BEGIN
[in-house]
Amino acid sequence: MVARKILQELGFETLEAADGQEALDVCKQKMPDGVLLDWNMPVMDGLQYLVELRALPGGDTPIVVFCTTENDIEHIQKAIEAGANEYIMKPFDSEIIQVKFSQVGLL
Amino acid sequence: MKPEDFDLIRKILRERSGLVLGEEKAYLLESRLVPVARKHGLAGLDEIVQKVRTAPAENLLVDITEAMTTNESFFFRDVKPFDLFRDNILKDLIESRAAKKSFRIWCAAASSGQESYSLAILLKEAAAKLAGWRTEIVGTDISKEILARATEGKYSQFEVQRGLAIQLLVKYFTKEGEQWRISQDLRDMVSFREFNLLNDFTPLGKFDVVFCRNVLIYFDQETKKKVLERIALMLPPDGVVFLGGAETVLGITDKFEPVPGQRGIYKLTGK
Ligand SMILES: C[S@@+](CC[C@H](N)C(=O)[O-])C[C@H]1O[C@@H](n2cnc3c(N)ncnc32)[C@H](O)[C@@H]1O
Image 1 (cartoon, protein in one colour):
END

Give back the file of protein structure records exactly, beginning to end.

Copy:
[in-house]
Amino acid sequence: MVARKILQELGFETLEAADGQEALDVCKQKMPDGVLLDWNMPVMDGLQYLVELRALPGGDTPIVVFCTTENDIEHIQKAIEAGANEYIMKPFDSEIIQVKFSQVGLL
Amino acid sequence: MKPEDFDLIRKILRERSGLVLGEEKAYLLESRLVPVARKHGLAGLDEIVQKVRTAPAENLLVDITEAMTTNESFFFRDVKPFDLFRDNILKDLIESRAAKKSFRIWCAAASSGQESYSLAILLKEAAAKLAGWRTEIVGTDISKEILARATEGKYSQFEVQRGLAIQLLVKYFTKEGEQWRISQDLRDMVSFREFNLLNDFTPLGKFDVVFCRNVLIYFDQETKKKVLERIALMLPPDGVVFLGGAETVLGITDKFEPVPGQRGIYKLTGK
Ligand SMILES: C[S@@+](CC[C@H](N)C(=O)[O-])C[C@H]1O[C@@H](n2cnc3c(N)ncnc32)[C@H](O)[C@@H]1O
Image 1 (cartoon, protein in one colour):